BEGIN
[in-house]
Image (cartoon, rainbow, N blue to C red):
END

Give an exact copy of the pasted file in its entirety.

[in-house]
Image (cartoon, rainbow, N blue to C red):